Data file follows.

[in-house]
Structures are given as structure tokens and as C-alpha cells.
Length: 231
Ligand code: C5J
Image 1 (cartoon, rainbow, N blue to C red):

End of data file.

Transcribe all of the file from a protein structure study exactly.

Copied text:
[in-house]
Structures are given as structure tokens and as C-alpha cells.
Length: 231
Ligand code: C5J
Image 1 (cartoon, rainbow, N blue to C red):